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Old January 3, 2006, 10:07 PM   #1
Kayser
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Something I've never understood about progressives.

I'm an intermediate reloader, looking to maybe upgrade my operations. One question I have is about progressives : how do they fit into the inspection stage when you're reloading? I'm a stickler for inspecting my brass. Caliper measurement and visual inspection every time. How does this work with progressives? You have to inspect after sizing, right? Doesn't that kind of defeat at least one of the stages in the progressive?
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Old January 3, 2006, 10:28 PM   #2
Leftoverdj
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Quote:
You have to inspect after sizing, right?
Nope.
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Old January 3, 2006, 10:39 PM   #3
Kayser
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Allow me to correct myself : you have to measure length after sizing, right? Every .45 ACP round I've ever measured prior to sizing has come in too short.
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Old January 3, 2006, 11:29 PM   #4
BigJakeJ1s
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If you want to inspect caselength, then it can be done after resizing (and expansion, if you use the lee gauge/trimmers, since they may not fit in the sized, but not expanded case). For semiauto, uniform caselength is most important, and checking/trimming prior to resizing works fine, even with the lee gauge/trimmer.

If you have an autoindexing progressive press with casefeeder, even depriming prior to tumbling can be quick and easy on a progressive with only a universal deprimer die installed. Or you could install just the sizer and expander dies (just use the powder die without the PM installed for straight wall cases on a dillon), and run those through in one step. Then do your inspection/trimming, then load the primer feed, install the pm, seater and crimper and run them through again to finish the ammo. The point is, with autoindexing and casefeeder, even running one step at a time is faster than a single stage or turret press.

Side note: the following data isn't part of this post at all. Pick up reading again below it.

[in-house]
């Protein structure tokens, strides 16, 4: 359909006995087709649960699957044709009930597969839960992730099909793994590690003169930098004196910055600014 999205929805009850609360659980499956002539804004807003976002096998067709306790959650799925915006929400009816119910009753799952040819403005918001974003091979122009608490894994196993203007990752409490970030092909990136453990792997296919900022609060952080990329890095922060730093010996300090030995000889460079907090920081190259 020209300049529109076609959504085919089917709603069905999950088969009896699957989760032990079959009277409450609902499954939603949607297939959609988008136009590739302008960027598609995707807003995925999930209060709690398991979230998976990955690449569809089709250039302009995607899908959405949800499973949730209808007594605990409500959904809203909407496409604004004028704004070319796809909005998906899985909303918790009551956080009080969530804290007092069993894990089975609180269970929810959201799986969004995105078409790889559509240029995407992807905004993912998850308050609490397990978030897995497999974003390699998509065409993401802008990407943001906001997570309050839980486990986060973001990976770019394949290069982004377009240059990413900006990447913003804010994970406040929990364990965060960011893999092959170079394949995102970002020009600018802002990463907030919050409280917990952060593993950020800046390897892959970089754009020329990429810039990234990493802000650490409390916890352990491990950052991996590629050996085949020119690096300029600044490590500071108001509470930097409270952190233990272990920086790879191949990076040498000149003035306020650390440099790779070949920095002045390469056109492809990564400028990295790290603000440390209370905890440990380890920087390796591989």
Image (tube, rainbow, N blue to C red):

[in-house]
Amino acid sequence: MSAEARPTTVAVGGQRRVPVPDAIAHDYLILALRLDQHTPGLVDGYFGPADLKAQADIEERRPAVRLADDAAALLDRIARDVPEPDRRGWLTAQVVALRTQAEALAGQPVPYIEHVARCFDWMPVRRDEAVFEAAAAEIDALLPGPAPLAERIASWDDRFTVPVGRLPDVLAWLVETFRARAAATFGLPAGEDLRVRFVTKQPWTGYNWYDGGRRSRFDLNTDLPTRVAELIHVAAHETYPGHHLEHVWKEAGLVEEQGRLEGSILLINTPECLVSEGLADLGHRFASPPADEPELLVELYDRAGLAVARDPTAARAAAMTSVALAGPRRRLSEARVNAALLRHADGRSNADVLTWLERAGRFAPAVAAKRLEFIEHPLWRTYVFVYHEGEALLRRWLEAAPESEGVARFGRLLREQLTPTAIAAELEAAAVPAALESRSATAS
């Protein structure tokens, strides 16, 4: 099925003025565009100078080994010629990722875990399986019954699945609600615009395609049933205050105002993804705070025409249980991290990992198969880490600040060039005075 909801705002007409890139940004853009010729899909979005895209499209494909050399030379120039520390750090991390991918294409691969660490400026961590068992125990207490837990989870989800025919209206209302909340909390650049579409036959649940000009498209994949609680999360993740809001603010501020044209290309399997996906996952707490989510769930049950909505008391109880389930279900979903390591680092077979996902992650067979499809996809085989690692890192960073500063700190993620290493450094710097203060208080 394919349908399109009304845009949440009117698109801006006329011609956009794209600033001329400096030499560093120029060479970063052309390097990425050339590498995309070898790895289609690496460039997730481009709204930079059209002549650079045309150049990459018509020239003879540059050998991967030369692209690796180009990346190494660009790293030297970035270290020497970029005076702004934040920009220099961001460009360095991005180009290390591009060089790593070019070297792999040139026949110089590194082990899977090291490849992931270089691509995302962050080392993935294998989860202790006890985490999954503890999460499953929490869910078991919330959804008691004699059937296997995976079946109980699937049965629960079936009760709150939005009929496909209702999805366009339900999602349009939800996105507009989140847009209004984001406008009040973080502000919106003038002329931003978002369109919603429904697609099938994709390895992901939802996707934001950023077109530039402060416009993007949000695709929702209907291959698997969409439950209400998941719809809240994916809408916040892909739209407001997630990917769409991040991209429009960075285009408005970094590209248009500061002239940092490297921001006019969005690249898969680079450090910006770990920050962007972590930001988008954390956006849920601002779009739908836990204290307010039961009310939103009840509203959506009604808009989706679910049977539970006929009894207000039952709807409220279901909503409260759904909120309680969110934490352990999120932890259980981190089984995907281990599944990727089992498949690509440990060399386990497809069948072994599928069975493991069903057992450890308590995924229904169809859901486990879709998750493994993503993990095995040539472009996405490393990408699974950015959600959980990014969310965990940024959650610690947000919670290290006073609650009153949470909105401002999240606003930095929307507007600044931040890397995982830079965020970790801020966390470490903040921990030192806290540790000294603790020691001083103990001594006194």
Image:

Andy
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Old January 3, 2006, 11:36 PM   #5
rwilson452
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Measure?

Way back when. I was a guy that checked the brass at every stage. then I noted that .45ACP brass doesn't strech to any significant degree. I have brass that I have fired so many times you can hardly read the head stamp. It's still not over length and it still works. I just clean and load them until they break. Now my rifle brass is a whole different thing. .45ACP is a low pressure round and the dies doesn't work it much. Much less stress means much less stretch.


In short. no I don't check the brass after sizeing. I figure it's a waste of time.
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Old January 4, 2006, 09:03 AM   #6
HSMITH
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45 acp brass gets shorter each time you load it anyway. On a Dillon 550 you pull a pin and the case slides out of any station on the press, you can do any checks you want very easily.
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Old January 4, 2006, 05:00 PM   #7
Russ5924
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I only shoot pistol and have never at anytime checked for OAL in any caliber and I reload .38, .357, .45ACP, .45colt and 9MM.
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Old January 4, 2006, 05:07 PM   #8
Jim Watson